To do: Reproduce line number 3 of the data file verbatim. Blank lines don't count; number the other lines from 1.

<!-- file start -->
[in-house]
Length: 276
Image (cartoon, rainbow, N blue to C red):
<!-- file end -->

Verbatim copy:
Image (cartoon, rainbow, N blue to C red):